Health Department And Fsa Del

    asked Her Majesty's Government:Whether they have any plans to amend the Department of Health and Food Standards Agency departmental expenditure limit and running costs limit for 2000–01. [HL824]

    The Parliamentary Under-Secretary of State, Department of Health
    (Lord Hunt of Kings Heath)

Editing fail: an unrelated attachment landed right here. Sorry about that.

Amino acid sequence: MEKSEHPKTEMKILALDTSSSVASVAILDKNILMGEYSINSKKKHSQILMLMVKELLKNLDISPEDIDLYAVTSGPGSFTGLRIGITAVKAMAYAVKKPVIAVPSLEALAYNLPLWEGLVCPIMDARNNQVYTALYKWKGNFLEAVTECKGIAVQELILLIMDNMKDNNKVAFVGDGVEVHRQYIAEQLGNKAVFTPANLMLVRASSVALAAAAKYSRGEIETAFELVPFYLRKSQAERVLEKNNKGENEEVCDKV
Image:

Subject to parliamentary approval of the necessary Supplementary Estimates for Class II, Votes 1 and 2, the overall departmental expenditure limit for Class II, which includes the Department of Health and the Food Standards Agency, will be increased by £196,888,000 from £45,090,755,000 to £45,287,643,000.Of this increase, the Department of Health departmental expenditure limit for 2000–01 will be increased by £196,888,000 from £44,997,888,000 to £45,194,776,000. The increase is the net effect of changes to Class II, Vote 1 (hospital, community health, family health and related services, England) of £156,025,000, made up of £74,977,000 in respect of take-up of end year flexibility, (£35,217,000) for capital and (£39,760,000) for family health services, as set out in Table 7 of the Public Expenditure Outturn White Paper Cm4812 published on 18 July 2000, and £82,214,000 trust end year flexibility; transfers from Northern Ireland of £1,373,000 (£1,307,000) for out of area treatments and (£66,000) for contributions to medical training costs of royal colleges; £144,000 from the Scottish Executive for contributions to medical training costs of royal colleges; £92,000 from the National Assembly for Wales for contributions to medical training costs of royal colleges and £88,000 from Class III, Vote 1 (Department of Environment, Transport and the Regions) for the rough sleepers unit; partially offset by transfers of £512,000 to the National Assembly for Wales for out of area treatments; £1,065,000 to Class XII, Vote 2 (Department of Social Security: administration) for operating costs of the road traffic accident element of the Compensation Recovery Unit; £536,000 to Class IV, Vote I (Home Office administration, police, probation, immigration and other services, England and Wales) (£221,000) for drug action teams development funding and (£315,000) for drug action teams recruitment initiative and £750,000 to Class I, Vote 1 (Department for Education and Employment: programmes and central services) for the Institute of Psychiatry new research facilities.An increase of £1,352,000 for Class II, Vote 2 (Department of Health, administration, miscellaneous health and personal social services, England) is the net effect of transfers (detailed below) and the take-up of £4,000,000 (running costs) end year flexibility as set out in Table 7 of the Public Expenditure Outturn White Paper Cm4812 published on 18 July 2000. Transfers of £1,106,000 from the Scottish Executive (£141,000 running costs) for reserved health bodies; £19,000 (running costs) from Northern Ireland for reserved health bodies; £459,000 from Class IV, Vote 1 (Home Office administration, police probation, immigration and other services, England and Wales), £130,000 (running costs) for the Youth Justice Board inspections and (£329,000) for drug grants and drug related initiatives; £200,000 from Class XII, Vote 3 (Department of Social Security: administration) for the teenage pregnancy campaign; offset by net transfers of £464,000 to Class X, Vote 1 (Ministry of Agriculture, Fisheries and Food) (£1,118,000) for the BSE inquiry, less (£654,000) for research into BSE; and £388,000 to Class 1, Vote 1 (Department for Education and Employment: programmes and central services) (£455,000) for the drug advisers project, less (£67,000) for Protection of Children's Act Tribunal costs; and transfers of £3,000,000 to Class V, Vote 1(Lord Chancellor's Department) for start-up costs for the Children and Family Court Advisory and Support Services (CAFCASS) and £580,000 to Class III, Vote 1 (Department of Transport, Environment and the Regions) for the rough sleepers budget.Within the departmental DEL there is also a net transfer of £308,000 from Class II, Vote 2 (Department of Health, administration, miscellaneous health and personal social services, England) to Class II, Vote 1 (hospital, community health, family health and related services, England), of which £500,000 is reclassified as running costs following agreement by HM Treasury that Mental Health Review Tribunal clerk costs should no longer be classfied as programme costs. There is no increase in Mental Health Review Tribunal costs as a result of this change.The Department of Health's gross running cost limit will be increased by £4,790,000 from £302,490,000 to £307,280,000 as detailed above.The external finance limit for NHS trusts has decreased by £140,242,000 from £451,000,000 to £310,758,000, comprising a reduction in voted trust loans of £173,853,000 partially offset by a take-up of £33,611,000 (non-voted) from HM Treasury for public finance initiative schemes.The external finance limit for the Medicines Control Agency has increased by £5,900,000 from £700,000 to £6,600,000 in respect of take-up of end year flexibility entitlement as mentioned above.There are no changes to the Food Standards Agency element of the DEL.All increases will either be offset by transfers to or from other departmental expenditure limits (detailed above) or charges to the DEL reserve and will not therefore add to the planned total of public expenditure.